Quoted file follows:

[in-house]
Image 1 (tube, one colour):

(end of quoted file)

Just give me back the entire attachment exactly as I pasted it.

[in-house]
Image 1 (tube, one colour):